If you’ve been following out Blogs, events or webinars.  You’ll know that we understand production scheduling well and have created a scheduling package designed for manufacturers to improve their throughput.

The first dimension or view is scheduling the production floor.  This is using our standard drag and drop scheduler.  It does the basics in terms of displaying the load against the capacity.  Allowing you to drag and drop forwards or backwards or to different work stations.

The second dimension is allowing the plant manager or program manager to see all of the jobs in a GANTT chart view.  This allows him to see whether his jobs are going to be on time, when they will complete and where the bottle necks are.

The third dimension was a view from the shop floor, a graphical display of all of the jobs in jeopardy, with drill down to the statistics and progress of each job including a dispatch list that sorts and organizes jobs in an electronic kan-ban system.  Driven initially from the production schedule but effectively pulled through by the operators scanning or clocking on to the jobs.

Now Vox ISM is ready to enter the 4th dimension of scheduling.  The vision – shown below is an interactive dispatch list designed for your tablet or phone that allows the operator to ‘fine-tune’ the schedule.  When completed (about 1 month) he will be able to drag and drop production orders from machine to machine and change the sequence.  The idea is to display the entire production floor and status of all of the active jobs on 1 page.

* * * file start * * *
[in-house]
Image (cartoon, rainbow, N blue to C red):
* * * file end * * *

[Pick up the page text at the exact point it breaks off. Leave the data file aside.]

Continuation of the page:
When I was a production scheduler – I found it almost impossible to keep up with the changes on the shop floor.  Furthermore because I didn’t work on the shop floor I didn’t understand how the operators would think.  Optimizing production by size, jig, tooling, space, colour, setups….way more things than I could possibly know just by staring at numbers.  Eventually I gave up on the vision of running an electronic production schedule because of these 2 reasons and adopted a methodology that I called ‘Black-box’ scheduling.  This meant that I figured out the overall load vs. capacity for the shop, the throughput and on-time delivery, then only provided 3 days of production to the operators in what I called my ‘frozen’ period’.  This worked quite well because I went from running the schedule and fiddling with it every 5 minutes and re-jigging every 4 hours to allowing the supervisor to work however he pleased, in whatever sequence he desired within the 3 days.  So long as he was able to complete the given work in the time period, it didn’t matter.  For changes, exceptions and priority changes, we just handled them manually….in red-ink.  Simple and effective, and it allowed me to spend more time on the production floor, helping to move product through the shop.

So bringing it back to 2016, VoxISM will now have a production schedule tool designed specifically for the supervisor.  Allowing him to apply the finishing touches to the schedule.  In the subsequent releases of this product I hope to provide annotations, twitter like following, lag time or tack-time calculations and more.

So although it could be an easy tool for a barber-shop or pizza place, my desire is that this will fill the gap for production supervisors.

Happy scheduling everyone.

Mike Fontaine